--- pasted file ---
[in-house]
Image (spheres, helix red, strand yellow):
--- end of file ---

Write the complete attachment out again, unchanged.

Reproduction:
[in-house]
Image (spheres, helix red, strand yellow):